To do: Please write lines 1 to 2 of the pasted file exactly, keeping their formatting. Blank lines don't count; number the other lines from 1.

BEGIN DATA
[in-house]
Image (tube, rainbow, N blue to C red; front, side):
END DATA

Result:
[in-house]
Image (tube, rainbow, N blue to C red; front, side):